Cross-posted to Spacing Votes
Third rail or third way?
Based on the manufactured outrage that greeted his musings about road tolls in the 2003 election, Mayor David Miller now regards the notion of charging drivers to use the city’s two highways as something akin to a political third rail: touch it and die instantly.
Unfortunately, this kind of simplistic for-or-agin’ positioning fogs up the whole debate about congestion charges, which, in truth, have been with us for many years. After all, what is the price of a TTC ticket if not a congestion charge levied against transit riders? The point is that there are other ways to think creatively about the nature of road pricing, if only we’d have political leaders with the guts to engage in that discussion.
With the exception of the free-transit crowd, most people expect to pay to ride the TTC. I don’t know anyone who feels entitled to receive utilities — like hydro and gas and phone service — for free. The city is moving to metering the water bill as a sensible tool for encouraging conservation. The common denominator is a pay-per-use price structure intended to recoup the costs of delivering the service. Such fees have existed for decades and they aren’t greeted with rioting because they make sense at a basic intuitive level.
The highways, of course, are a service like any other. The city pays about $20 million a year to operate the Gardiner Expressway and the Don Valley Parkway. That’s money for cleaning and clearing the road, fixing cracks, doing minor capital repairs and so on.
None of this stuff comes free, but our problem is that the tax system encourages us to believe it is. Commuters, in turn, resist 407-style tolls because they’re justifiably afraid of forking over huge sums with little expectation of improved service in return.
So here’s a third-way compromise: let’s deploy a transponder-based road toll on the two highways so the price per trip is calculated to generate 80% of the total amount required to operate these roads. That’s exactly equivalent to the proportion of the TTC’s annual operating budget which is covered by transit ticket revenues.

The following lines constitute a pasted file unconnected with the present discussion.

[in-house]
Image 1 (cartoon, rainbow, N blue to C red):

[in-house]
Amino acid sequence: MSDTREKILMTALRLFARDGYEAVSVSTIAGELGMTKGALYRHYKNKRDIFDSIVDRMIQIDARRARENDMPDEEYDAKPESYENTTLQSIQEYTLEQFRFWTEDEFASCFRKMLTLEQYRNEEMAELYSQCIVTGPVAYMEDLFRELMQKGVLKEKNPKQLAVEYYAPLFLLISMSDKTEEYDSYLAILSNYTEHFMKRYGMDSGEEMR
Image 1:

How do the numbers work? The city says about 340,000 cars use the two highways every day, and that the annual maintenance costs are roughly $20 million. If the city imposes a cost-recovery-based toll (including the expenditures associated with setting up and then operating the transponder-based billing system), that works out to be about 15 cents per trip or $80 per year for workaday commuters — roughly what you’d spend on a one-month Metropass after the new Harper tax credit is included.
I think we can all agree that $80 annually is hardly ruinous. And to critics who bray about ploughing windfall toll revenues into transit white elephants, there’s a built-in rejoinder available to tentative politicians: virtually all the goods and services we consume are priced to recover the cost of producing them, so why should driving on these highways be any different? This approach is equitable, it’s transparent, and the money the city saves could finance one new community centre every year.
Oh yes, and if that additional $80 tips the financial scale for some commuters and prompts them to take transit into the core, well, so much the better.
photo by Adam Krawesky